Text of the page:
An employee submitted a dispute after his request for a flexible working arrangement was rejected by his employer. The employer initially justified its refusal with reasons within the prescribed 21 day period, but sought to rely on further reasons during the appeal.
The Fair Work Commission ruled that once an employer had given reasons for refusing the request, they could not seek to rely on further reasons not included in their original decision.
- Was the employee’s request refused on reasonable business grounds?
- Could further reasons for refusal of the request be relied on after the required 21 day period?
Detective Senior Constable Gary Emery (DSC Emery) requested a flexible working arrangement from Victoria Police (the Appellant) which would allow him to work 10 hour shifts over 4 days per week (rather than 8 hour shifts over 5 days per week).
The Appellant responded to the request by letter within the required 21 day period, providing reasons for its refusal to allow the request. The Appellant initially relied on the fact that DSC Emery’s ability to work overtime would be curtailed by the proposed change to his work hours, as well as the contention that granting the request would impose an unreasonable financial burden on the Appellant. The dispute escalated to the Fair Work Commission (FWC), which considered that the impact on the Appellant was not likely to be great, and therefore did not amount to 'reasonable business grounds' in accordance with the relevant enterprise agreement and the Fair Work Act.
The Appellant sought to appeal the decision, introducing new reasons for the refusal to grant the request, namely that regular performance of overtime and recall to duty are an inherent requirement of DSC Emery’s position; costs flowing from granting the request would either impose an unreasonable financial burden, or alternatively they would lose a resource one day each week, and granting the proposal would potentially open the 'floodgates' for future similar requests.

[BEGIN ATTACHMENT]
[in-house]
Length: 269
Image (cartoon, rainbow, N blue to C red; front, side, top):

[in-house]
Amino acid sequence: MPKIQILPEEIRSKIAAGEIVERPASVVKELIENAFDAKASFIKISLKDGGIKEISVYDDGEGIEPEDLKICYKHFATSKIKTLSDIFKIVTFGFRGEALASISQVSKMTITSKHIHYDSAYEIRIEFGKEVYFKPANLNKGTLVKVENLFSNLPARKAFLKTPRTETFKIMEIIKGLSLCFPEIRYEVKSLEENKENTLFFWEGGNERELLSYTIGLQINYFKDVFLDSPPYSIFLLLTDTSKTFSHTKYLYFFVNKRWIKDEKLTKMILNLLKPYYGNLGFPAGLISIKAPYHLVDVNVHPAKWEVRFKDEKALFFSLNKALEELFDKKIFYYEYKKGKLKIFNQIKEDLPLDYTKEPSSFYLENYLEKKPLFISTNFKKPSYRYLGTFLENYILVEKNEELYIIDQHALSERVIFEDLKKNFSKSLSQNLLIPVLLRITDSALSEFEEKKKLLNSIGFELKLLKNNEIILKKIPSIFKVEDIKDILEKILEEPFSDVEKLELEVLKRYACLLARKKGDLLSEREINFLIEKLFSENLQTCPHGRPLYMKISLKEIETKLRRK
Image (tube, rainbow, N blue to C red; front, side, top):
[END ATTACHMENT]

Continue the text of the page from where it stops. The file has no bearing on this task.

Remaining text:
The decision at hearing
The FWC found that while it is the case that disputes can evolve and develop, the Appellant was not entitled to procure and rely on additional grounds for refusing a flexible work arrangement almost a year after the initial request and response was made and given. The FWC reinforced the Appellant’s obligation under the legislation to respond to a request and provide reasons within 21 days.
The FWC did not believe that allowing DSC Emery’s request would have any significant or adverse impact on the Appellant’s business. It was also noted that the proposed flexible working arrangement was not for an indefinite period, but rather, for a period of 12 months. The FWC was of the view that this was a significant factor indicating the Appellant had erred in refusing the request as the Appellant would have an opportunity to review the impact of the flexible working arrangement after the 12 months. The FWC dismissed the appeal.
Implications for you
This decision highlights the factors that employers must consider when refusing a request for a flexible work arrangement. The overall impact of the request must be assessed to determine whether it can be refused on reasonable business grounds, and all sufficient reasons to refuse must be provided by the employer to the employee within the prescribed period.